White Name Roots
Inventory, lb : 0
White Name root is found in many sizes from small to very large and is cylindrical, oblong, to irregular in shape. The skin is rough, hard, and bark-like, and ranges in color from dark brown, light brown, to tan. Underneath the tough skin, the white to cream-colored flesh is dense, starchy, fibrous, and dry. When cooked, White Name root is creamy with a slightly mealy texture and has a sweet, earthy, and mildly nutty flavor.
White Name root is available year-round in tropical, humid climates.
White Name root, botanically a member of the Dioscoreaceae family, is an edible tuber of a sprawling, tropical vine that can climb up to twelve meters in height. Also known as the White Name yam and Mapuey, the word “name” means “yam” in African and is a highly cultivated tuber in Africa and the Caribbean. White Name root is favored for its starchy texture and neutral, nutty flavor, and is utilized in a wide variety of culinary applications, used similarly to potatoes.
White Name root is an excellent source of fiber and also contains vitamins A and C, iron, and some calcium.
White Name roots must be cooked and are best suited for applications such as steaming, boiling, baking, roasting, and frying. The tubers should be scrubbed before cooking and can be prepared whole or peeled and sliced. Care should be taken when handling the tuber as it may irritate the skin when cut. White Name roots can be boiled and mashed as a stand-alone side dish, cooked in soups or stews, thinly sliced and fried into chips, mashed and fried into flat discs, or cooked into meat dishes with flavorful sauces. White Name root pairs well with meats such as poultry, beef, pork, turkey, and fish, bell peppers, herbs such as cilantro, oregano, and parsley, plantains, and hot sauces. The roots will keep up to one week when stored in a breathable container in a cool, dry, and dark place.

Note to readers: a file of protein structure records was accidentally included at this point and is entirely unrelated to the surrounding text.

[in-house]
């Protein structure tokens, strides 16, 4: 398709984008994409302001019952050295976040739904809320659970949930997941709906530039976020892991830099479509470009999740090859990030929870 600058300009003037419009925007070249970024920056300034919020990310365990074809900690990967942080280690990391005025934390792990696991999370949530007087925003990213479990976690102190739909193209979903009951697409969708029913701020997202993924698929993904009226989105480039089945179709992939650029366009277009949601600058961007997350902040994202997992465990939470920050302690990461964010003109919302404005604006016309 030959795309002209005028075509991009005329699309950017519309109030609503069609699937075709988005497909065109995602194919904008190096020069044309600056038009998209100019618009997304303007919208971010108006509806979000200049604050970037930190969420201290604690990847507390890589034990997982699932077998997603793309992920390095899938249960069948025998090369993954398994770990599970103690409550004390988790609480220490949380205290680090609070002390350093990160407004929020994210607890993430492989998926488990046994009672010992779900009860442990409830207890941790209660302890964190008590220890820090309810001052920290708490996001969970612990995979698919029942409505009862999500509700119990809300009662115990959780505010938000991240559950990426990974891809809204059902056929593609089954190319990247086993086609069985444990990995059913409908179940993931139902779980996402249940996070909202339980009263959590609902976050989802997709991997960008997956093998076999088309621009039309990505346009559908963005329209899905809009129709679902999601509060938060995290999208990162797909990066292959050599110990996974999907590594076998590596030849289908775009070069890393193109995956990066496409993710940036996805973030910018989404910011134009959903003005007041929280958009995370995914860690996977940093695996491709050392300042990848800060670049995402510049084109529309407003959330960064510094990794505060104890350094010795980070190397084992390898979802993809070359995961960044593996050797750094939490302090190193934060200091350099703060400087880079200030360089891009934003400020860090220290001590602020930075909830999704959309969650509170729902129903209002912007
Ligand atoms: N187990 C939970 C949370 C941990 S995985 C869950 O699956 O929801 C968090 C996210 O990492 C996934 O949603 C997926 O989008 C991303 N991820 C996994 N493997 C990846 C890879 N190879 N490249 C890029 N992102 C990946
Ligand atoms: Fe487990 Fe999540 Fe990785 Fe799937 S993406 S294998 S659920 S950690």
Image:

White Name root is widely used in the Dominican Republic where it is a staple ingredient in many traditional, special occasion dishes. In sancocho de siete carnes, or the seven meat stew, White Name root is prepared with corn, plantains, cassava, a variety of meat including cuts from poultry, goat, pork, and beef, and is flavored with fresh herbs. This dish is difficult and time-consuming to make, but the stew is highly valued for its flavor and is considered fit to honor the meaning behind the special occasion it is served at. Sancocho de siete carnes is typically prepared for weddings which are regarded as one of the most important gatherings in a Domincan’s life. On New Year’s Eve, White Name root is also used in the dish pasteles en hoja or plantain and beef pockets. These tamale-like pockets utilizing ground White Name roots are wrapped in plantain leaves, cooked, and served as a savory meal to ring in the new year.
The origins of the White Name root are mostly unknown, but the tubers are commonly found in tropical regions with high rainfall and warm, humid climates, and have been used as a source of food since ancient times. The tubers were believed by experts to have been spread across the world via trade routes and migrating peoples, and today White Name root is found growing wild, cultivated, and sold at local markets in the Caribbean, West Africa, South America, Asia, Southeast Asia, and the South Pacific.